FREEHOLD, NJ – The Monmouth County Health Department is investigating seven possible cases of mumps in the county.
“Mumps-like symptoms have been reported at local medical offices and those individuals are being tested for mumps,” County public health coordinator Michael Meddis said. “For the individuals with the seven probable cases of mumps, a treatment of bed rest, fluid intake and fever reduction has been recommended to reduce their symptoms.”
If you are experiencing the swelling of salivary glands along with fever, headache, muscle aches, tiredness and loss of appetite you should seek medical attention and call your local health department.
Meddis added that the investigation is ongoing with the Monmouth County Health Department staff working to determine the possible source of the infection. Once that is completed, the Health Department will be able to determine the next course of action.
People who were vaccinated with the MMR (measles, mumps and rubella) vaccine, as an infant and again between the ages of 4 and 6, are 90 percent less likely to contract mumps, according to the Centers for Disease Control (CDC).
If you have mumps, or most other illnesses, there are several things you can do to help prevent spreading the virus to others:
- Wash hands well and often with soap, and teach children to wash their hands too.
- Cover your mouth and nose with a tissue when you cough or sneeze, and put your used tissue in the trash can. If you don’t have a tissue, cough or sneeze into your upper sleeve or elbow, not your hands.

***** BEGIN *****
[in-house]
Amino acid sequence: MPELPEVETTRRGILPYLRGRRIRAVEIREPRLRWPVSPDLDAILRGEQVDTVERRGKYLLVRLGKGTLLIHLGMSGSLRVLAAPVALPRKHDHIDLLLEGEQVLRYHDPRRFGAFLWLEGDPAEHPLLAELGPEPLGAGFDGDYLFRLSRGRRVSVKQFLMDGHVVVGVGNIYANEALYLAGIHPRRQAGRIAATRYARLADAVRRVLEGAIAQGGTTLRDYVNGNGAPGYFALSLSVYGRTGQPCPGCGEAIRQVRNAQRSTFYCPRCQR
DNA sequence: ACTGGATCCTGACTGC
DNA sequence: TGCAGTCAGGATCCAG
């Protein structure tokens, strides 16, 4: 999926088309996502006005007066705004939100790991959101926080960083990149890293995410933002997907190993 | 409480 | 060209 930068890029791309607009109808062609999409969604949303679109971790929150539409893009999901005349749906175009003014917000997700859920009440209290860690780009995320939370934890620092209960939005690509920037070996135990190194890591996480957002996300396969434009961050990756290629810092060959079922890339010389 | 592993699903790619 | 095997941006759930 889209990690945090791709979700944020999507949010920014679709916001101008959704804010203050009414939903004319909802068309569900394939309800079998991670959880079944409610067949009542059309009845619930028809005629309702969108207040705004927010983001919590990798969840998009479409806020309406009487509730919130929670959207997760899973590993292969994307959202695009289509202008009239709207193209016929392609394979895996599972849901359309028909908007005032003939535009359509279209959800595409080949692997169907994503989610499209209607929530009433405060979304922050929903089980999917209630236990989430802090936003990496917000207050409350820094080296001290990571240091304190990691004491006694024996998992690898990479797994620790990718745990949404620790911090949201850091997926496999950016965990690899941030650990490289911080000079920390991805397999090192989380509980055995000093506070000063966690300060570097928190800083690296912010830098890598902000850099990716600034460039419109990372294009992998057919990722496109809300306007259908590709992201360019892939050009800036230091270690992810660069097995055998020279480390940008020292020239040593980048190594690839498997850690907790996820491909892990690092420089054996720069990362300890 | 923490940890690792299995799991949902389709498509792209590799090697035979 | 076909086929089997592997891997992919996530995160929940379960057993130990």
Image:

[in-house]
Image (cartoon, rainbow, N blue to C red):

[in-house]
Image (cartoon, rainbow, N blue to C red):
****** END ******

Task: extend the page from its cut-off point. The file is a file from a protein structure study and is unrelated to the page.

- Stay home from work or school for five days after your glands begin to swell, and try not to have close contact with other people who live in your house.
Other recommendations are:
- Minimize close contact with other people, especially babies and people with weakened immune systems who cannot be vaccinated.
- Don’t share drinks or eating utensils.
- Regularly clean surfaces that are frequently touched (such as toys, doorknobs, tables, counters) with soap and water or with cleaning wipes.
Mumps is spread by droplets of saliva or mucus from the mouth, nose, or throat of an infected person, usually when the person coughs, sneezes or talks. Items used by an infected person, such as cups or soft drink cans, can also be contaminated with the virus, which may spread to others if those items are shared.
Most mumps transmission likely occurs before the salivary glands begin to swell and within the 5 days after the swelling begins. Therefore, CDC recommends isolating mumps patients for 5 days after their glands begin to swell.
Anyone who presents such symptoms should contact their health care professional immediately.
More information about mumps is available from the Center for Disease Control and Prevention website at http://www.cdc.gov/mumps/index.html.